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CFA’s Fringe Festival: not your average theatrical experience

Three weekends of performances begin today

The cast of Brecht on Brecht perform Song of the German Mother by Bertolt Brecht and Hans Eisler. Photo by Michael Nelson

Brecht on Brecht, a humorous, philosophical love letter to German playwright Bertolt Brecht, “is not a typical play,” says acting major Tim Spears (CFA’06). “It’s a different kind of acting experience — a collage of Brecht’s poetry, scenes, and songs. I get to play a variety of parts.”

The play is one of three productions in CFA’s ninth annual Fall Fringe Festival, which combines the artistic forces of the college’s Opera Institute and school of theatre. Brecht on Brecht will be performed on Friday, October 14, Saturday, October 15, both at 8 p.m., and Sunday, October 16, at 7 p.m. There will also be performances on October 21, 22, 27, and 29, (click here for the Fringe Festival’s complete list of performances and times) all in Studio 210 of the Boston University Theatre, 264 Huntington Ave.

Bertolt Brecht (1898-1956), one of modern drama’s most influential figures, was called before the infamous House Un-American Activities Committee in 1947. The enigmatic theatrical innovator testified that he was not a Communist.

Brecht on Brecht is the only full-length play in this year’s festival. The other two productions are one-act operas: The Tsar Has His Photograph Taken and Mahogany Songspiel, and the latter’s recently conceived companion piece, Youkali.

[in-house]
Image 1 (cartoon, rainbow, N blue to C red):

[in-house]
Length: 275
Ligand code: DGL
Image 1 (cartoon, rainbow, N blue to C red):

The Tsar Has His Photograph Taken, by Kurt Weill, with libretto by George Kaiser, is a rarely produced political comic opera full of intrigue, including an assassination plot. The tsar, whose nation is unspecified, visits a photography studio to have his portrait taken. The villain, posing as a photographer, hides a gun in a camera. The opera will be performed by singers from CFA’s Opera Institute and Opera Programs.

Mahogany Songspiel, by Brecht and Weill, isn’t a typical opera. In fact, the label often applied is “anti-opera.” The term “is certainly a way of provoking an audience’s awareness that what they consider to be ‘conventional’ is not going to be in play,” says stage director Jim Petosa, who directs CFA’s school of theatre. “The montage, nonlinear, and Brechtian formulations make the experience of Mahogany Songspiel unique. It enters into its world and its tribe of characters in a way that defies the grand opera story formulas that came before. In effect, it’s written and performed in general defiance of the 19th-century precepts. After all, it’s about artistic, cultural, and political revolution.”

All Fringe Festival tickets are $5. Members of the BU community can receive one free ticket (subject to availability) with BU ID at the door on the day of the performance. To order tickets, visit www.BostonTheatreScene.com or call 617-933-8600.